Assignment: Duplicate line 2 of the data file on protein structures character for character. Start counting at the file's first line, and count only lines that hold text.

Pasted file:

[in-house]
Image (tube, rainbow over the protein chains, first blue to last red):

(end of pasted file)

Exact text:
Image (tube, rainbow over the protein chains, first blue to last red):